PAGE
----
In Venezuela, where media is controlled by the government, figuring out what is truth, rumor or propaganda has always been difficult.

In recent days it's gotten even more confusing. President Nicolas Maduro has refused to cede power to the opposition party. There have been widespread protests and looting — and the rumor mill has been churning on social media.

But many Venezuelans have found a way to use social media in their favor.

WhatsApp is one of the most popular messaging platforms in the world. With about 1.5 billion users, it's a free way to text and place international voice and video calls.

Block by block, the place you were born and raised, can determine how far you get ahead in life.

A new online tool shows that geography plays an outsized role in a child's destiny.

Called the Opportunity Atlas, it was developed by Harvard economist Raj Chetty and his colleagues. It's a map that uses tax and U.S. Census data to track people's incomes from one generation to the next.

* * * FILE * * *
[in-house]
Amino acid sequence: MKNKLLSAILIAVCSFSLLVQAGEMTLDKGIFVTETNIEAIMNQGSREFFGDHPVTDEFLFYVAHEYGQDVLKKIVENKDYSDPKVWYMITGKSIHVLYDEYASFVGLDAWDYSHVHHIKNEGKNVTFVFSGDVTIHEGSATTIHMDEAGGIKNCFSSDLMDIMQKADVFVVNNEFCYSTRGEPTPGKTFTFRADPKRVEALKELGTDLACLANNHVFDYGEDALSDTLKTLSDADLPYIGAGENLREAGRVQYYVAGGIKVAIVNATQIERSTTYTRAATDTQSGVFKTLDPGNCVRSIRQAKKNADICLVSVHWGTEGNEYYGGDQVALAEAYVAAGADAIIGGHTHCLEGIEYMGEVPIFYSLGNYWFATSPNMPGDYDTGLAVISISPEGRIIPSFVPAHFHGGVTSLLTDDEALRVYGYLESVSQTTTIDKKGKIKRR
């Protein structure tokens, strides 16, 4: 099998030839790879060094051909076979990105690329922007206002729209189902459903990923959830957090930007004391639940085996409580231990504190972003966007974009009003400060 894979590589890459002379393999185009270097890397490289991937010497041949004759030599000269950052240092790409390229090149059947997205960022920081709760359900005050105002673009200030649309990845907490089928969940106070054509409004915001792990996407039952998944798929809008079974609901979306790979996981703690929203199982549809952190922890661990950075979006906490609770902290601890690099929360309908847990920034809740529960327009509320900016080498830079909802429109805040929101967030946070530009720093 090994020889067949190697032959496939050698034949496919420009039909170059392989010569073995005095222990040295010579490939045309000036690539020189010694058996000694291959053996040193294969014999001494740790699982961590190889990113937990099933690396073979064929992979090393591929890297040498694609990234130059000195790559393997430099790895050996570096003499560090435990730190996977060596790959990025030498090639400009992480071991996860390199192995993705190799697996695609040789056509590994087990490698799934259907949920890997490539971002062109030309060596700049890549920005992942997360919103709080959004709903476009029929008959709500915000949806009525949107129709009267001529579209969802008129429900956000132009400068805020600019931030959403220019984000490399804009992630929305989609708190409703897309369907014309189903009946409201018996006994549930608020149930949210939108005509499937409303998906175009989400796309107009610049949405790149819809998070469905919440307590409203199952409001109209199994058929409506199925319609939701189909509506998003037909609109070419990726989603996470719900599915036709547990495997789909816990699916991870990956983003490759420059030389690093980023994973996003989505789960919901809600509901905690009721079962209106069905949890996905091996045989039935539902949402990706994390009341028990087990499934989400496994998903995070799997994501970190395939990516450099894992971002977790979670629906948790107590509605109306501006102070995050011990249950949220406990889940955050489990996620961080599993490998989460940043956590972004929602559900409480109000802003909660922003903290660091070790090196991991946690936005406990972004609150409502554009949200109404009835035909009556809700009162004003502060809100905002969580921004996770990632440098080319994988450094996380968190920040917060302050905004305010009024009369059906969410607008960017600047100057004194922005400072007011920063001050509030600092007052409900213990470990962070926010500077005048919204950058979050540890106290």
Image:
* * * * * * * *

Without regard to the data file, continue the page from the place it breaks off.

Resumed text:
The AfroPunk Festival in Brooklyn has grown since the annual event began in 2005. As it has expanded, so have the choices it offers: you can see everyone from Ice Cube to George Clinton, to Brit Rockers Skunk Anansie. There's a lot to catch, so here are five artists to keep an eye out for, at the festival and beyond.


Jasmine's picks:

Laura Mvula

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MICHEL MARTIN, HOST:

The mosquito-borne Zika virus has sparked a debate about abortion in both Latin America and the United States.

The virus has been directly linked to a birth defect that results in an abnormally small head and brain damage. In Latin America, where many countries have strict bans on abortion, some citizens and government officials are asking whether such bans should be reconsidered, at least in infected mothers.